Biscayne National Monument
A Proposal
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"Subtropical" aptly describes the warm, mild climate of this part of the United States. The Gulf Stream, a few miles off shore, keeps the waters of Biscayne Bay and the Florida Keys at fairly even temperatures year round; trade winds warm the air in winter and cool it in summer.

In Dade County, mean maximum temperatures range from about 77 degrees in January to about 90 degrees in August. Mean minimum temperatures range from about 54 degrees in February to near 72 in July and August. Killing frosts are infrequent. Temperatures of 32 degrees or less occur about every other year at Homestead and much less frequently near the ocean. From June through October, the relatively high humidity averages from 60 to almost 90 percent; in the dry winter season, however, the comfort index improves 5 to 10%.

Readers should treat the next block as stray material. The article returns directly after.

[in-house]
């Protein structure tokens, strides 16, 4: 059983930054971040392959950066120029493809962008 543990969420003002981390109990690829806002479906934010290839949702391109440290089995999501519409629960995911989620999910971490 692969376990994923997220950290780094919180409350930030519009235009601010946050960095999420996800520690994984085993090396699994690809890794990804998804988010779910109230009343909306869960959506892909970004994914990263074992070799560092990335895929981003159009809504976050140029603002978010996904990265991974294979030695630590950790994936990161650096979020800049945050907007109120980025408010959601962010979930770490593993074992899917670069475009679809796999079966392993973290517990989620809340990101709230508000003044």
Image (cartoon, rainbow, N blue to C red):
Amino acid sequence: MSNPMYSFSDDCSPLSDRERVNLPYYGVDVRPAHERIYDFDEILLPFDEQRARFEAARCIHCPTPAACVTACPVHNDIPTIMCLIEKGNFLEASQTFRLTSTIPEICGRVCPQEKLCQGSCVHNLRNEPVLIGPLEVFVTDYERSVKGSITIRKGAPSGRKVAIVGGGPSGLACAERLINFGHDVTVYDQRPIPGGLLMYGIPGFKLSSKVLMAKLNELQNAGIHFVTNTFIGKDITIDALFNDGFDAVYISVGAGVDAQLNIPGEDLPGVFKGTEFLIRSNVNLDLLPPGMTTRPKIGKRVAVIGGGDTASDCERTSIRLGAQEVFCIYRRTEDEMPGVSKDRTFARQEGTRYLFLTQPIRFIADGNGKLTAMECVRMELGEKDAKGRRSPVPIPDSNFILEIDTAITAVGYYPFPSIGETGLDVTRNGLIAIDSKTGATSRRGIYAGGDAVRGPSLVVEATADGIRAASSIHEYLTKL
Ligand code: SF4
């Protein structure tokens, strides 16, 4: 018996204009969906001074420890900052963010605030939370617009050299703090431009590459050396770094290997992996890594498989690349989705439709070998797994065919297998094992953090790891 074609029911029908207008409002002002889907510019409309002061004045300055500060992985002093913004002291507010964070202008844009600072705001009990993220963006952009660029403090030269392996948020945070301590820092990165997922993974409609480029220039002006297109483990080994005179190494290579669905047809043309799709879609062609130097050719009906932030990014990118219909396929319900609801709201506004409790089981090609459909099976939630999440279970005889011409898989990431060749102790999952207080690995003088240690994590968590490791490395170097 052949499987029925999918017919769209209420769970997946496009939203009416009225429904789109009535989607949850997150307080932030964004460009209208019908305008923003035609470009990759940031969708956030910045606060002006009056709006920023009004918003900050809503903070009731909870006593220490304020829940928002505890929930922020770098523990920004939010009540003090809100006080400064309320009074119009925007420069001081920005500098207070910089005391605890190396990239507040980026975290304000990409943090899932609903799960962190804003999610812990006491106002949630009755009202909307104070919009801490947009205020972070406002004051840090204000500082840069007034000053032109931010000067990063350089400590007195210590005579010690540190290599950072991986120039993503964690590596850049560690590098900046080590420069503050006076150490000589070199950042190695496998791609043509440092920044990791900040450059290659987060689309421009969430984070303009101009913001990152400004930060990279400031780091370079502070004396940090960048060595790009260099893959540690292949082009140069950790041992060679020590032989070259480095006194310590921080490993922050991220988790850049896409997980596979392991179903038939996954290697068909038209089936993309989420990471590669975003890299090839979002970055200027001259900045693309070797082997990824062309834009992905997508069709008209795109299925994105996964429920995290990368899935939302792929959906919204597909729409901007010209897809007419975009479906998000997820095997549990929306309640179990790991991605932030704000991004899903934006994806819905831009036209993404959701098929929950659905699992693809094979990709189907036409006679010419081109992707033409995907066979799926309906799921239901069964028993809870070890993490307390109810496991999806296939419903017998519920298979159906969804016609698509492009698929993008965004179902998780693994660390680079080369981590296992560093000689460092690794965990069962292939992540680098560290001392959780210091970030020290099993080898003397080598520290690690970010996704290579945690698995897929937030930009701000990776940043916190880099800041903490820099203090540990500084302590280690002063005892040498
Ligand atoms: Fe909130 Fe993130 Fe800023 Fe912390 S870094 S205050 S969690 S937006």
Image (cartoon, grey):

Average annual rainfall runs between 50 and 60 inches. The rainy season occurs in summer and early fall, most rain coming in September and October, while the winter months, November through March, are usually quite dry. Over 60 percent of the days are classified either as clear or partly cloudy, with most of the clear days occurring during the winter months.

Astronomical tides along the coastline of the upper Florida Keys ebb and flow twice during each lunar day. Mean tide ranges vary from about 2 feet at Sands Key to about .2 foot in lower Barnes Sound, and mean high tide in the same area varies from about 1 foot to about .1 foot. Although maximum hurricane tide of 16 feet may occur, surf and heavy wave action are almost entirely absent along the oceanfront of the area proposed for National Monument status.

Occasionally this section of the country is struck by hurricanes, some of which cause heavy damage. Especially severe hurricanes occurred in September 1926, November 1935, September 1945, October 1950, and September 1960. Hurricanes occur most frequently in September and October.

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Last Updated: 17-Sep-2009